A petrol station employee changes letters and names including the new ethanol E10 fuel on the price board at a highway service station in Soltau between Hamburg and Hanover March 1, 2011. Starting this year, Germany introduced on its gas stations the so-called E10 fuel with 10 percent ethanol in a move to reduce vehicle exhaust emissions in line with European Commission directive regarding regulations on greenhouse emissions. Picture taken March 1, 2011. REUTERS/Christian Charisius (GERMANY - Tags: TRANSPORT ENVIRONMENT ENERGY)
  •  - Petrol station employee chabges letters and names on price board at highway service station in Soltau

    Petrol station employee chabges letters and names on price board at highway service station in Soltau

    Posted: 3/2/2011 4:49:20 AM EST
    A petrol station employee changes letters and names including the new ethanol E10 fuel on the price board at a highway service station in Soltau between Hamburg and Hanover March 1, 2011. Starting this year, Germany introduced on its gas stations the so-called E10 fuel with 10 percent ethanol in a move to reduce vehicle exhaust emissions in line with European Commission directive regarding regulations on greenhouse emissions. Picture taken March 1, 2011. REUTERS/Christian Charisius (GERMANY - Tags: TRANSPORT ENVIRONMENT ENERGY)
  •  - Petrol station employee chabges letters and names on price board at highway service station in Soltau

    Petrol station employee chabges letters and names on price board at highway service station in Soltau

    Posted: 3/2/2011 4:48:43 AM EST
    A petrol station employee changes letters and names including the new ethanol E10 fuel on the price board at a highway service station in Soltau between Hamburg and Hanover March 1, 2011. Starting this year, Germany introduced on its gas stations the so-called E10 fuel with 10 percent ethanol in a move to reduce vehicle exhaust emissions in line with European Commission directive regarding regulations on greenhouse emissions. Picture taken March 1, 2011. REUTERS/Christian Charisius (GERMANY - Tags: TRANSPORT ENVIRONMENT ENERGY)
  •  - Petrol station employees fix signs including new ethanol E10 fuel at highway service station in Soltau

    Petrol station employees fix signs including new ethanol E10 fuel at highway service station in Soltau

    Posted: 3/2/2011 4:47:56 AM EST
    Petrol station employees fix signs including the new ethanol E10 fuel at a highway service station in Soltau between Hamburg and Hanover March 1, 2011. Starting this year, Germany introduced on its gas stations the so-called E10 fuel with 10 percent ethanol in a move to reduce vehicle exhaust emissions in line with European Commission directive regarding regulations on greenhouse emissions. Picture was taken March 1, 2011. REUTERS/Christian Charisius (GERMANY - Tags: TRANSPORT ENVIRONMENT ENERGY)
  •  - Petrol station employee fixes signs including new ethanol E10 fuel at highway service station in Soltau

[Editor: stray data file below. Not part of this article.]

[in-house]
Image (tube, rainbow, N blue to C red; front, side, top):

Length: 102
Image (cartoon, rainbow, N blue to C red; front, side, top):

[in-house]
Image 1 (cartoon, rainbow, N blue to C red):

Petrol station employee fixes signs including new ethanol E10 fuel at highway service station in Soltau

    Posted: 3/2/2011 4:47:05 AM EST
    A petrol station employee fixes a sign including the new ethanol E10 fuel at a highway service station in Soltau between Hamburg and Hanover March 1, 2011. Starting this year, Germany introduced on its gas stations the so-called E10 fuel with 10 percent ethanol in a move to reduce vehicle exhaust emissions in line with European Commission directive regarding regulations on greenhouse emissions. Picture taken March 1, 2011. REUTERS/Christian Charisius (GERMANY - Tags: TRANSPORT ENVIRONMENT ENERGY)
  •  - Petrol station employee fixes signs including new ethanol E10 fuel at highway service station in Soltau

    Petrol station employee fixes signs including new ethanol E10 fuel at highway service station in Soltau

    Posted: 3/2/2011 4:46:31 AM EST
    A petrol station employee fixes a sign including the new ethanol E10 fuel at a highway service station in Soltau between Hamburg and Hanover March 1, 2011. Starting this year, Germany introduced on its gas stations the so-called E10 fuel with 10 percent ethanol in a move to reduce vehicle exhaust emissions in line with European Commission directive regarding regulations on greenhouse emissions. Picture taken March 1, 2011. REUTERS/Christian Charisius (GERMANY - Tags: TRANSPORT ENVIRONMENT ENERGY)
  •  - Petrol station employee fixes signs including new ethanol E10 fuel at highway service station in Soltau

    Petrol station employee fixes signs including new ethanol E10 fuel at highway service station in Soltau

    Posted: 3/2/2011 4:35:44 AM EST
    A petrol station employee fixes a sign including the new ethanol E10 fuel at a highway service station in Soltau between Hamburg and Hanover March 1, 2011. Starting this year, Germany introduced on its gas stations the so-called E10 fuel with 10 percent ethanol in a move to reduce vehicle exhaust emissions in line with European Commission directive regarding regulations on greenhouse emissions. Picture taken March 1, 2011. REUTERS/Christian Charisius (GERMANY - Tags: TRANSPORT ENVIRONMENT ENERGY)